It was perhaps inevitable that it would come to this. Democratic elections will not heal this rift. Now: is it the responsibility of the U.S. government and military to try to heal it? Is it really in the best interests of the West to give the Shi’ites money to rebuild the Golden Mosque when the Shi’ite mullahocracy of Iran is spending its money trying to develop nuclear weapons with which to threaten the West and, ultimately, destroy it? Wouldn’t it be a better defense against the global jihad to do nothing about this, compelling the Iranians, if they value the Golden Mosque, to divert time and energy to its rebuilding — thereby buying us at least a little time to determine how best to disable their nuclear program?
SAMARRA, Iraq – Insurgents posing as police destroyed the golden dome of one of Iraq’s holiest Shiite shrines Wednesday, setting off an unprecedented spasm of sectarian violence. Angry crowds thronged the streets, militiamen attacked Sunni mosques, and at least 19 people were killed.
With the gleaming dome of the 1,200-year-old Askariya shrine reduced to rubble, some Shiites lashed out at the United States as partly to blame.
The violence “” many of the 90 attacks on Sunni mosques were carried out by Shiite militias “” seemed to push Iraq closer to all-out civil war than at any point in the three years since the U.S.-led overthrow of Saddam Hussein.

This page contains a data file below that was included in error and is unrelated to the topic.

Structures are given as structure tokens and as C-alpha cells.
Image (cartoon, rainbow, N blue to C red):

Many leaders called for calm. “We are facing a major conspiracy that is targeting Iraq’s unity,” said President Jalal Talabani, a Kurd. “We should all stand hand in hand to prevent the danger of a civil war.”
President Bush pledged American help to restore the mosque after the bombing north of Baghdad, which dealt a severe blow to U.S. efforts to keep Iraq from falling deeper into sectarian violence.
“The terrorists in Iraq have again proven that they are enemies of all faiths and of all humanity,” Bush said. “The world must stand united against them, and steadfast behind the people of Iraq.”
British Prime Minister Tony Blair also condemned the bombing and pledged funds toward the shrine’s reconstruction….
Some Shiite political leaders already were angry with the United States because it has urged them to form a government in which nonsectarian figures control the army and police. Khalilzad warned this week “” in a statement clearly aimed at Shiite hard-liners “” that America would not continue to support institutions run by sectarian groups with links to armed militias.